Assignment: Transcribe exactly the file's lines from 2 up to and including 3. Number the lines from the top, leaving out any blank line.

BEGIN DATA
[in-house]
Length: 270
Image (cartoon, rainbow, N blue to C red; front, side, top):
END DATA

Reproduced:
Length: 270
Image (cartoon, rainbow, N blue to C red; front, side, top):